To say his music is beautiful would be an understatement—even a mite bit bland of a compliment considering how comparatively entertaining and textural it is. Throw in a good cause (only multiplying its beauty) and you’ve got Paul Cardall’s latest CD; Saving Tiny Hearts.
Spanning a creative career of roughly 15 years, this fruitful American pianist’s latest CD serves a dual purpose in proliferating musical beauty to people’s stereos, computers, cell phones, iPods—and most importantly, their ears–worldwide. At the same time, Cardall will also donate $1 to the Saving tiny Hearts Society for every album sold; a 501( c ) 3 organization intent on raising funds for heretofore and vastly underfunded grass roots research revolving around congenital heart defects.
As a heart transplant recipient himself, not only the cause, but the style of the music is of most import. Fans have reported that his music “literally soothes the heart and nurtures the soul”. Born with a perfectly functioning heart, Cardall’s unexpected discovery of his own congenital defect in culmination with a succession of challenging and related illnesses and surgeries have influenced his musical stylings, and encouraged further compositions and arrangements.
Album producer, founder of record label Stone Angel Music, and film scorer alike, Cardall recently attended the L.A. premiere of “Earl Hamner Storyteller” –for which he composed the score–surrounding the life and times of Mr. Hamner himself: legendary writer/producer who brought us such televised tales as The Waltons, Falcon Crest, Charlotte’s Web, and Lassie among various and sundry others. In February 2011, shortly after his 2009 life saving heart transplant, Cardall’s 13th Studio album, New Life, debuted as the number one New Age album on the Billboard charts and remained within the top five for over 30 weeks thereafter. It was subsequently heralded as the best album of 2011 by various radio stations and reviewers.
Earlier in 2014 the internationally acclaimed pianist was welcomed into the Steinway & Sons circle of musicians, and shares the same noted honor with the likes of Billy Joel, Diana Krall, Harry Connick, Jr., Franz Liszt, Duke Ellington, and George Gershwin.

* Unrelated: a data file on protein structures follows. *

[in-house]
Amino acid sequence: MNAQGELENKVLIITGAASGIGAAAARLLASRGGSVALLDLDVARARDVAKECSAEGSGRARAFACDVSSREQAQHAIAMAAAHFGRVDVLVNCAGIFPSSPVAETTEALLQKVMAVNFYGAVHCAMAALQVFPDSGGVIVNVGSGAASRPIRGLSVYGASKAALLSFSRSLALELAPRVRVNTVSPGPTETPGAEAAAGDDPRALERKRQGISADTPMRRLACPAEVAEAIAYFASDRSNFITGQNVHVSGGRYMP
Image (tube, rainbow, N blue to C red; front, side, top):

Ironically enough Mr. Cardall’s burgeoning career was almost cut short when, in 2009 he was informed that he would never survive without a heart transplant. But since then, it is evident that he has bounced back haler and heartier than ever and his most recent album as a tribute to a cause so near and dear to well…his heart is nothing short of phenomenal! One can only sense that Saving Tiny Hearts is not only a reparative endeavor, but a cathartic one as well.
The entire album reminds me of love; if love had a sound, and many-a-theme centers around time and travel—but not yet time travel combined. (Perhaps this concept will make itself apparent on his next venture, Now Having Saved Many Tiny Hearts?)
Album compositions that most stand out include; Gracie’s Theme to softly tripping piano plucks and sweeping strings prompting us all to wonder as to the exact identity of this unambiguously miraculous-sounding creature by the name of Gracie, Passing Time sporting notes like rolling waves or a gently revolving Merry-Go-Round, decidedly evocative of passing time itself!, Voices boasting rhythms reminiscent of real-world conversation, encompassing suspenseful note progression and a pleading violin in the background, Time-If the second hand on the clock made a sweeping and concentric sound, this would be it!, Coming Home-sonorously reminiscent of a bird soaring above a cloud—a cloud headed home perhaps?, Saints and Travelers-Vastly haunting with an intro somewhat evocative of Josh Groban’s “You Raise me Up” combined with an Irish ballad. One can nearly visualize distant hills, green valleys, and ghostlike moors, Our Love-Like a most suspenseful lullaby, Cardall’s all instrumental version of Scarborough Fair albeit a slightly more flowing version, the likes of which Simon and Garfunkel never quite conceived, Eye to Eye reminiscent of a light, optimistic dirge if that makes any sense; its slow and pulsing beat uplifting one’s imagination to a light soprano voice soaring high above the tent tops in most operatic yet modern fashion immensely similar to something I’ve heard backing varying and concentrated Cirque du Soleil acts involving steadfast exercises in most statuesque balance and flexibility.
Cardall’s music video, of the first song on the album; Gracie’s Theme released late in 2014 not only commemorates the anniversary of his surgery but also features many of the children he is trying to help in a chorus of innocently ethereal oohs and aahs:
Saving Tiny Hearts is currently being distributed by CDBABY, Deseret Book, and Stone Angel Music. It is also available on Amazon.com, iTunes and most major online music stores including www.PaulCardall.com.